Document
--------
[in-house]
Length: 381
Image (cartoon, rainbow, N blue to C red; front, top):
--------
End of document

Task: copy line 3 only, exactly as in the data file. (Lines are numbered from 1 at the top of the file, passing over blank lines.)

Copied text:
Image (cartoon, rainbow, N blue to C red; front, top):